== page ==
Rights of first refusal or “ROFRs” in dealer agreements are powerful tools vehicle manufacturers use to ensure satisfactory brand representation. As Automotive News recently reported, ROFRs are sometimes used to promote a diverse dealership body[1] and protect customers from would-be buyers who are unwilling or unable to properly serve them. They also allow a manufacturer to ensure representation in the market by a preferred dealer operator who shares that manufacturer’s vision.

In fact, ROFRs may be an automaker’s last line of defense preventing the sale of its branded dealership to a prospective buyer with a track record of low sales performance and poor customer service. Despite the benefits, though, many state dealer laws limit the ways in which a manufacturer can decline to approve a potential buyer in a buy/sell. For example, some states shorten the time period to exercise a ROFR compared to what is provided by the express terms of the ROFR. Other states require manufacturers to pay the attorney’s fees and expenses of the disappointed buyer in the event of a ROFR exercise.[2] Some state administrative boards have also nullified ROFRs that conflict with state franchise laws.[3]

Notwithstanding the myriad restrictions already in place, opponents of ROFRs—namely motor vehicle dealers—continue to fight for more. As reported in Automotive News, legislators in California and West Virginia have put forth bills seeking to further limit manufacturers’ freedom to utilize ROFRs[4], signaling a renewed effort by dealer lobbyists to curtail or eliminate them altogether.

Opponents of ROFRs—which are effectively banned in 11 states—put forth several arguments in support of their position. But their arguments are nonsensical.

Dealer lobbyists first argue that ROFRs drive down dealer prices. This argument is belied by the data, though, given the historically active buy/sell market and soaring prices for dealerships. According to The Blue Sky Report® prepared by Kerrigan Advisors, buy/sell activity in 2023 “is on track for a record year” and dealership blue sky values remain “far above pre-pandemic levels.”[5] What’s more, many states dealer laws—and even ROFRs themselves—mandate that a dealer receives the same or better compensation if a manufacturer exercises its ROFR.[6] These provisions ensure that dealers receive at least equal value as the price they bargained for with the would-be buyer.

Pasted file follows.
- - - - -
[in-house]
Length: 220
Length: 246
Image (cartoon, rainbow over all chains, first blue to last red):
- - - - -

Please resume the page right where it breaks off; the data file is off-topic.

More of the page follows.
Dealer lobbyists next argue that ROFRs inject uncertainty into the buy-sell process and cause lengthy delays. Yet this would be a problem of the prospective buyer’s own making—simple due diligence vitiates any such concerns. Before initiating a buy-sell, prospective buyers can quickly read the franchise agreement to determine if a ROFR is on the table. This fact would be known to both the dealer and prospective buyer. The dealer can also ask the manufacturer if they have a preferred buyer that can be benchmarked against a third-party bid. To the extent ROFRs cause any delays, they have apparently not slowed down the buy/sell market at large, as evidenced by the record buy/sell activity noted above.

Ultimately, ROFRs deserves as much protection as any other mutual obligation in the dealer agreement. ROFRs serve as important shields that protect vehicle manufacturers and customers from unsuitable market representation. The inconvenience sellers may experience is far outweighed by the benefit to customers of having stellar dealers selling their favorite vehicle brands. Vehicle manufacturers must work together to ensure that ROFRs are not further weakened.

[1] Jackie Charniga, Boon or burden? Automakers’ use of right of first refusal in dealership buy-sells aids some, hinders others, Automotive News (September 29, 2023) (hereafter, “Charniga 2023”).

[2] E.g., 815 Ill. Comp. Stat. 710/4(e)(14)(D).

[3] E.g., Halpert Properties, Inc. v. DaimlerChrysler Motors Co., No. 05-01-MVDB-302-J, Ohio Motor Vehicle Dealer Board (Jan. 20, 2006).

[4] Charniga 2023.

[5] Kerrigan Blue Sky Report at 7, Second Quarter, 2023 (emphasis added).

[6] E.g., 815 Ill. Comp. Stat. 710/4(e)(14)(B); Pa. Stat Ann. tit. 63, § 818.315(a)(2).

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